- a reticence to impeach even after the President went all-out with unprecedented complete denial of Congress’s clear constitutional and legal authority and powers (despite the oath of office and despite the President going all-out in flagrant violation of law and Constitution, and despite the original crimes to place himself above the law, the Dems holding back as if not impeaching were a legitimate option with this wantonly impeachable President)
(I’ve critiqued each of these as they were happening, and back in late April I made the general case in the article, “Hoping This Time the Democrats Avoid Their ‘Characteristic Error’.”
It is very telling, and I think relevant to this discussion, that not only have Democratic leaders and office-holders consistently made the same mistake of not pressing the battle, with disastrous results, but most of the Democratic base has never seen anything wrong with how the Democrats were conducting the battle.
(For example, the huge regard with which Barack Obama is held in the Democratic base – and don’t get me wrong, I think he’s a great guy and I feel considerable fondness for him – does not seem at all tempered by any recognition that Obama fundamentally forfeited the battle against the Republicans who were his sworn enemies, and who sought to make him fail, and who robbed him as fully as they could of his ability to perform the role of President — and that, in this way, Obama enabled the further darkening of the already destructive Republican Party.)
That lack of recognition means that whatever it is that has disabled their leaders from protecting the nation against an evil force infects the Democratic base and Liberal America as well.
So I’m seeing a possible two-fold relevance of this discussion:
- maybe Spanberger’s performance on “The John Fredericks Show” exemplified that larger problem of how the Democrats have dealt with the disgraceful behavior of the Republicans over the past generation.
- and maybe the comments on that earlier thread – in which her defenders gave no indication that they would have wanted Spanberger to have answered that question differently on that right-wing radio show – illustrates the more general failure of the Democratic base to encourage and support their leaders to wage their part of the battle more powerfully.
I’d ask those people: Can you imagine no way for a Democrat to deal with that question that would have worked well for our side?
I concede the possibility that this instance doesn’t exemplify so extremely well the more general problems with the Democrats that I’m pointing to. But, whether I’m on base or off base on this specific instance, it seems to me certain that — as we endeavor to save American democracy from the morally bankrupt force that presently dominates the American power system – we should be mindful of this incontrovertible truth:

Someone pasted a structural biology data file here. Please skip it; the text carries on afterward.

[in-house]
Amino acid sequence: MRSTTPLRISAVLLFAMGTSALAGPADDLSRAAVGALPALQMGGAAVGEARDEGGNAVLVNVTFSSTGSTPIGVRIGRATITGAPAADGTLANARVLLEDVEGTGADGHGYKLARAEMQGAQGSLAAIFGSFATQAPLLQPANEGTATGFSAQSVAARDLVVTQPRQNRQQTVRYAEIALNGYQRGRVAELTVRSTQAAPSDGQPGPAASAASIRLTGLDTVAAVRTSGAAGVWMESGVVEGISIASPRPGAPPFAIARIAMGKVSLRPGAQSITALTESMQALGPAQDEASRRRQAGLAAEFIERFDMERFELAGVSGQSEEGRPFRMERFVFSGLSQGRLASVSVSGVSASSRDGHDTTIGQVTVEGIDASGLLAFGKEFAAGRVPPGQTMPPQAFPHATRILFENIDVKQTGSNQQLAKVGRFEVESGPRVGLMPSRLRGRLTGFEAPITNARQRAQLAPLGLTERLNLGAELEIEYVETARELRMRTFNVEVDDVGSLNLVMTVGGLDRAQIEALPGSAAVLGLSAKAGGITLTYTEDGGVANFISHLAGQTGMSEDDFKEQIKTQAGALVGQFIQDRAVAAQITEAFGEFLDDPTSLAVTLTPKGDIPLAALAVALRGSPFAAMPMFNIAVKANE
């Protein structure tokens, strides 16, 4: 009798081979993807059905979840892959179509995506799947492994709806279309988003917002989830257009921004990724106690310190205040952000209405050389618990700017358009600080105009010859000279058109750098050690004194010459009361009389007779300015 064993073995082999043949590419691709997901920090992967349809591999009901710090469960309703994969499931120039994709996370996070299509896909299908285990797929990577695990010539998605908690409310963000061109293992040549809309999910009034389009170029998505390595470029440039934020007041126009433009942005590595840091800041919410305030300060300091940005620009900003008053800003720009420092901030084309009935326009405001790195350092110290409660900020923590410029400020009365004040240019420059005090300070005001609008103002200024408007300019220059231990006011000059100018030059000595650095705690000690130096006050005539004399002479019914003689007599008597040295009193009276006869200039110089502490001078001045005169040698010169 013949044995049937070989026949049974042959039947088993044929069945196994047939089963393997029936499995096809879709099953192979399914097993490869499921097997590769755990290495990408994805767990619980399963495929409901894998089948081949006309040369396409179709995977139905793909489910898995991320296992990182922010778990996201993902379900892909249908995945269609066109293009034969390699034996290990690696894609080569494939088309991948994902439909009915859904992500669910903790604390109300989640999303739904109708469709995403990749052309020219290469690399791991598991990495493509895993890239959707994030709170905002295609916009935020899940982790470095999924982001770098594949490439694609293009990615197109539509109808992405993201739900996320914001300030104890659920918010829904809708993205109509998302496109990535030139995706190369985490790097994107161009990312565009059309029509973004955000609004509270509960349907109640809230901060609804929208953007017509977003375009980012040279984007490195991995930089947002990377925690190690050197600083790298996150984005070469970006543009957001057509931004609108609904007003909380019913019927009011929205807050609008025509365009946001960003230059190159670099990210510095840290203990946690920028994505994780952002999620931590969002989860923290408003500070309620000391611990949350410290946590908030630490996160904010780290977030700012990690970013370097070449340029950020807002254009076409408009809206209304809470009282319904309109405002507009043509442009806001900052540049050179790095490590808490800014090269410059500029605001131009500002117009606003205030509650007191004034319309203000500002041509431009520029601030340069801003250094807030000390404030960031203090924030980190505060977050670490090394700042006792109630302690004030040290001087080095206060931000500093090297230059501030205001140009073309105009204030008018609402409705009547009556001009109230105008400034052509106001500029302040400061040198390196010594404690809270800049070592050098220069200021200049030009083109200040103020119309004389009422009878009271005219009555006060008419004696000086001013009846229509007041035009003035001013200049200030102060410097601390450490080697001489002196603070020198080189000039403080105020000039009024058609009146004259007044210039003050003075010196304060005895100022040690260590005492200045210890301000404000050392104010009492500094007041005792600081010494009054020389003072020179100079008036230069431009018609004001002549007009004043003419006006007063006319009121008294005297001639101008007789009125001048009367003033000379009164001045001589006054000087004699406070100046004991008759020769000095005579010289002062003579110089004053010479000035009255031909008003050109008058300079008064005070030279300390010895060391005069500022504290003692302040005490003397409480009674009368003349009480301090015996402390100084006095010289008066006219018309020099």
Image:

Liberal America has played a role in creating this national crisis of evil gaining so much power.
They (We) have played that role not by being evil, but by failing to fight that destructive force effectively.
How could that not be true?
If one of America’s major political parties in our two-party democracy gets taken over by evil, then it must fall to America’s other major political party to protect the nation.
For the political battle – in a democracy with a two-party system — to have culminated in such unthinkable brokenness necessarily bespeaks a failure of political rhetoric – words to reach and move the electorate — by the healthier, saner, more virtuous party.
As power in America is awarded through popular elections, it has been up to the Democratic Party to use the rhetoric necessary to assure that evil gets punished and not rewarded.
When evil gets rewarded, it grows. And if it grows unchecked long enough, it can even bring us to the unthinkable place we’re at now, with a Trump Presidency and a Trump Party and a Trump base that has gone – in some political sense – off the deep end.
“Is Trump a racist?” The question is asked at a moment when the President has manifestly been stoking racial hatred and has inspired a terrible hate-crime. The truth – expressed clearly, however tactfully or boldly — seems important here.
An important truth — like so many other truths of recent years that have not penetrated the American body politic thoroughly enough to prevent evil from rising to power in America beyond anything we ever thought possible.